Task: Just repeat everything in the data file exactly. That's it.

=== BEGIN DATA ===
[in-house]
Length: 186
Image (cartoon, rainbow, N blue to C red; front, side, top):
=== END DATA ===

[in-house]
Length: 186
Image (cartoon, rainbow, N blue to C red; front, side, top):